“Revenues in core brands dropped by 10%, and active customer numbers reduced by 12% to stand at 17 million. In terms of outlook, the group is guiding a full-year revenue decline of between 12% and 17%, with adjusted earnings margins of between 4% and 4.5%, in contrast to the longer-term goals of 6% to 8%.
“The accompanying comments from boohoo are defiantly optimistic, with the group pointing to a “clear path in improved profitability and getting back to growth. The group added that substantial progress had been made across key projects and initiatives over the first half, lending confidence to medium-term prospects.
“Even so, the scale of the challenge in boohoo’s rehabilitation remains significant, as evidenced by its share price performance and the accompanying valuation. Over the last year, the shares have dropped by 13% as compared to a fall of 12% for the wider FTSE AIM 100. This further decline has resulted in a plunge of 86% over the last two years, and 91% over the last three.
“Prospects for a recovery and the depressed share price may have tempted Frasers Group to recently up its stake to 9.1% from 7.8%, but for investors the outlook is potentially fraught with difficulty. The market consensus of the shares has nonetheless remained at a hold, suggesting some guarded support for a potential improvement in fortunes, despite a typically volatile and initially negative share price reaction to the update.”
Aarin Chiekrie, equity analyst at Hargreaves Lansdown: “Boohoo, the party’s on hold for now – the online fashion retailer enjoyed a spectacular run between its IPO in 2014 and 2021, becoming the epitome of fast fashion. But since then, the celebrations have been muted and performance has been lacklustre, to say the least.
“Revenue was down 17.4% in the first half, as active customer numbers declined at double-digit rates. That’s hurting volumes and means the group’s going to have to rely on price hikes in the near term if it wants to stem the bleeding. But given that the group’s at the very lower end of the pricing scale, even large single-digit price hikes aren’t likely to move the dial much. That’s seen the full-year revenue outlook get downgraded significantly from anywhere between a 0-5% decline to a 12-17% decline, which even looks like a tall order at this point.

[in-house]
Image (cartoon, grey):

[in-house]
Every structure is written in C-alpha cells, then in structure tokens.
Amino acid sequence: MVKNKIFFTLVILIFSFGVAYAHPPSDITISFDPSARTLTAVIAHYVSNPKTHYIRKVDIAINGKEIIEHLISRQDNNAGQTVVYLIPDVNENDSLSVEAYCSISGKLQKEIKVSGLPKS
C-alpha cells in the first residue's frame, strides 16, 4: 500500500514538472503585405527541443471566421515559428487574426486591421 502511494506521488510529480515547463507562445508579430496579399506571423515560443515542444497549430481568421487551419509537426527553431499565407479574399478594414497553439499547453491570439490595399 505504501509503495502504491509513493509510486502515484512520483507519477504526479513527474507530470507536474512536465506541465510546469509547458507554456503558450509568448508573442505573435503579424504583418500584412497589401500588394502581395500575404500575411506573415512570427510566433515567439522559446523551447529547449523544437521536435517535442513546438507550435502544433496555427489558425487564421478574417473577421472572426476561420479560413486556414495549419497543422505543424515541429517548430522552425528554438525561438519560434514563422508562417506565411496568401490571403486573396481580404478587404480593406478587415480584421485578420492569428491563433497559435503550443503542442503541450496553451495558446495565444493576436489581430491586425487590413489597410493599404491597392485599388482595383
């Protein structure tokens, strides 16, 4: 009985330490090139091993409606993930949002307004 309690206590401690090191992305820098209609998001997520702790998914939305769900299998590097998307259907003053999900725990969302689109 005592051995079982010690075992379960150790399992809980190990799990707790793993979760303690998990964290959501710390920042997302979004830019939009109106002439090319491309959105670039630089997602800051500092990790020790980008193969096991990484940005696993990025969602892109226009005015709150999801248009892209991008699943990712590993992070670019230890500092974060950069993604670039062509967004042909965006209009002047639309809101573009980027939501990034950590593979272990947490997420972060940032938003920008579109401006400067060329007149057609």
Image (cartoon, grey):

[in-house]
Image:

“A lot of the issues which are outside of the group’s control have eased though – supply chains are unclogging, shipping costs have sunk back to normal levels, and overall cost inflation has slowed. Yet despite these tailwinds, boohoo turned loss-making in the first half, highlighting the sticky position the group finds itself in.
“In the medium term, there’s a glimmer of hope that things could pick up again. The group’s spent heavily on increasing capacity, especially abroad where there’s more room for growth. In the US, which is seen as the group’s route to major growth, the distribution networks came online in August, and are likely to become fully operational in 2024. If boohoo can get its proposition right here, we could see volumes recover somewhat and fortunes turn positive again. That’s still a big ‘if’ – but the group’s got some liquidity which provides a bit of breathing room to weather the storm.”